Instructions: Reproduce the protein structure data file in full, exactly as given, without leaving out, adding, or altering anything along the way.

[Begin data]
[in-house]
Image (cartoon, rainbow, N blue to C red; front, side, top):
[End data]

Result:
[in-house]
Image (cartoon, rainbow, N blue to C red; front, side, top):